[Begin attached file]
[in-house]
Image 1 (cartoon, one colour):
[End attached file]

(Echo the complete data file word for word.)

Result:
[in-house]
Image 1 (cartoon, one colour):